Free the Girls – donate gently used bras to FTG, who will then give them to former sex slaves who use them to make a living selling used clothing while they recover and build a new life (Mulder women, we’re on this one, too… start going through your drawers, literally.)

The Exodus Road – help rescue a child from sex slavery by volunteering to host an event, sponsor TER corporately, blog for rescue, host a book club, or even be on a search and rescue team

Freeset – A fair trade business offering employment to women trapped in Kolkata’s sex trade. They make quality jute bags and organic cotton t-shirts, but their business is freedom!

Buying from Freeset makes you a small part of the solution. (People I know and love may or may not be receiving gifts in Freeset bags… act surprised.) 

Pure Charity – like a kickstarter fund for your tithing idea; a “personal charity savings account”

Ornaments for Orphans – This December 50 million Americans will set up Christmas trees in their homes. Buying a handmade ornament from here gives money to a ministry helping those in Uganda, Africa who have been orphaned due to AIDS.

Food for the Hungry – a Christ-centered, child-focused, relational ministry where you sponsor a child with a monthly donation… similar to World Vision and Compassion International

Mercy House Kenya – The Mercy House exists to raise funds to provide alternative options for pregnant girls living in the streets of Kenya. The Mercy House aids in education, nutrition, housing, prenatal care, Bible study, counseling and job skills for sustainable living. You can write letters of encouragement, buy supplies, or donate money.

Blood:Water Mission – loving on Africa by addressing the HIV/AIDS and water crises; help your kids start a lemonAID stand!

That’s a start, right? There are thousands more, but that’s a start. These are all ideas that serve the global community, which is often harder for me to wrap my brain (and heart) around. Let’s talk  local, too. What does your family support? Where do you go locally? I’d love to make this list of accessible service projects PAGES long.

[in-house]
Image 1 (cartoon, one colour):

Giddy up.


About texasnorth

TexasNorth is a little farm in Western Michigan. It's home to 5 chickens, 25 longhorn cattle, a coonhound (Banjo), a bloodhound (Hank), 2 barn cats, a husband, and 3 ridiculously funny children. The mom of this zoo has been known to mow the lawn in a skirt and roast marshmallows after dark. View all posts by texasnorth

7 responses to “be change(d)

  • Karen Van Stright

    THANK YOU Katie for being the prophetic encourager and shakin up my mornin with these challenges!

  • Carley

    You’re a good egg. Thanks for the list.

  • Marcia Kerstetter

    Thank you for once again bringing the world into my heart and making me think. Bkessings.

  • Nicole

    Thank you. I’m struggling with the loss of my dear sister only a couple of months ago and not feeling “in the holiday spirit” She was a giver and a doer, so I will take this message and do something as she would be doing. Funny how these messages come just when we need them, isn’t it?

  • Christy Jackson

    Just spent time filling out and drawing pictures for Christmas cards to be sent to soldiers. Boys LOVED it!! Thanks for the info:).